The silent protests by Marathas were triggered after the brutal rape and murder of a minor girl from the community in Kopardi of western Maharashtra’s Ahmednagar district in July this year.
The girl, a Class 8 student, was gang raped, tortured and murdered by three Dalit labourers when she was on her way home from her grandfather’s house.
Sources said a few days after the incident there were protests in Kopardi but brewing angst among the Maratha community erupted and the initial apathy from politicians resulted in it spreading to neighbouring villages, and later, to the adjoining Marathwada region, seen as a cauldron of caste politics in Maharashtra.
The first call for a big rally was held in Aurangabad by a group called Sakal Maratha Samaj – an umbrella group of around 9 organisations -- on August 10. It saw an unexpected turnout. In the last month and a half, nearly 100-odd organisations have joined and many have sprung in districts in the short span.
The first rally, which was not taken seriously by either the administration or the Maratha politicians, set a pattern for the rallies to come. It included non-violence, a marked shift from the community’s history, young women protesters, the absence of leaders and remarkable discipline.
While the movement has been portrayed as faceless and leaderless, it has moorings in 100-odd community organisations and importantly a core of hardline organisations like the Maratha Mahasangh, Maratha Seva Sangh, Sambhaji Brigade, Chaava and Jijau Brigade that have been working in the state for more than two decades.
These Shivaji cult organisations, that are also distinctly anti-Brahmin, are said to be close to the Nationalist Congress Party, dubbed as the party of the Marathas. They have been spearheading the community’s demands including reservations for several years. And, have successfully galvanised the unrest among the youth in the past over issues centring around a sense of injustice, honour and victimisation.
Sambhaji Brigade’s vandalism of the Bhandarkar Oriental Research Institute in Pune to protest the controversial book on Shivaji by American author James Laine in 2003-04 is just one example of the group’s extremism. But all those protests were seen as political and they stayed in the margins.
“We had held a round table conference at Satara two years ago and envisaged massive protests across the state over reservation but a majority of the participants had political links. The community is fed up with the established leadership of the community as it has been equally exploitative and promises haven’t been kept,” a leader active in organising the marches said.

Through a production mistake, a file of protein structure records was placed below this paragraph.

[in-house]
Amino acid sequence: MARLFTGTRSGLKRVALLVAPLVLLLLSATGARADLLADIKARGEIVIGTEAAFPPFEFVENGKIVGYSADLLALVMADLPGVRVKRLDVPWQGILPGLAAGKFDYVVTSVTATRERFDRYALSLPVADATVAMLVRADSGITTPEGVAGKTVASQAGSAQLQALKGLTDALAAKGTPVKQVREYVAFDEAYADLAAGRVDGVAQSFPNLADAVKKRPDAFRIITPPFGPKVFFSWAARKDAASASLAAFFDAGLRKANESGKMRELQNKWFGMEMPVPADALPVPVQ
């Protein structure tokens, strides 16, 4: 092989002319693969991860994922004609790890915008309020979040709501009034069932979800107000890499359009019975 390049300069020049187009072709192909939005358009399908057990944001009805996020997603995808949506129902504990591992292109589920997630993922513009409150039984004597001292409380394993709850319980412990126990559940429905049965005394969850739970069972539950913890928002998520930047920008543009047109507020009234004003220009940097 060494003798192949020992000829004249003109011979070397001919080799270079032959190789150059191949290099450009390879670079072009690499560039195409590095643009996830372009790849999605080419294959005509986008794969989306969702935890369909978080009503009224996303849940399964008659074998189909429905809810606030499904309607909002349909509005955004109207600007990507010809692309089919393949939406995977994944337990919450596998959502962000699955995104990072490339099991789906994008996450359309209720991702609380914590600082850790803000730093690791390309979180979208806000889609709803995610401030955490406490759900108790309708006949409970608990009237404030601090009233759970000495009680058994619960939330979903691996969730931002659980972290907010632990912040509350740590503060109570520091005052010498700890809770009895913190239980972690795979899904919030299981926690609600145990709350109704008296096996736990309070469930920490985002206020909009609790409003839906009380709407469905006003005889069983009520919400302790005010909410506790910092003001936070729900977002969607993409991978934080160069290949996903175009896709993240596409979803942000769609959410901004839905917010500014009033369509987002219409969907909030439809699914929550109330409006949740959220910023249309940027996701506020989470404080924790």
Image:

“This led to the idea of the leaderless, silent protests even though all our organisations have been active since day one,” he added.
Leaders and mentors were kept out of the picture. But after the success of the first few rallies, leaders representing the organisations and political parties tried to hijack the show but were shown the door.
“Spiritual leader Bhaiyyuji Maharaj, Shivaji descendants Udayanraje Bhosale and Sambhaji Raje tried to intervene at various levels, but they had to bear the brunt over social media. Even political leaders across the party lines have been kept at bay and they have been asked to join the marches from the rear rows. They have now been prohibited from giving any reaction to the media,’’ one of the organisers of the protests said.
“Recently, even the leaders of the opposition were told to stay away from the government offer to join them for the dialogue with the community,” he added.
According to insiders, political leaders, industrialists and bureaucrats belonging to the community have been chipping in to fund the protests.
“It takes but an hour to collect the funds. In the majority of the districts here, local politicians across party lines have contributed for fundraising in our personal capacities as just regular participants,” a Congress politician from Marathwada told Hindustan Times.
“The established leadership has been kept away from the organisation as the community is disillusioned with its established leaders. I would not be surprised to see if the handful Maratha ‘empires’ in politics biting the dust in near future,” socio-political analyst Kumar Saptarshi said.
Pradip Salukhe of Maratha Seva Sangh said that the silent protests across the state are the result of the movement run by various Maratha organisations for last few years.
“Though none of the organisations is the driving force behind the protests and we have been putting a united show, we have been working on the issue for more than 15 years. Today smaller groups and organisations have been formed at district and taluka levels with different names to gather people under one flag,” Salukhe said.
“It is nothing but the outcome of the thought process and brainstorming put in place by us for years,” he added.
Besides Kopardi, the Devendra Fadnavis government’s attempt in targeting the cooperative sector controlled by Marathas has also proved to be a crucial reason for the uproar, according to observers.
The state’s history shows that the Maratha-led organisations have played active roles in venting the unrest against the government whenever the community realised to have loosened its grip on the power.
Some of this was felt way back in the 1980s over the appointment of AR Antulay, a Muslim Congressman, as the chief minister and the establishment of the Shiv Sena-BJP government headed by a Brahmin CM in 1995.
These organisations have played an active role in the keeping the unrest burning.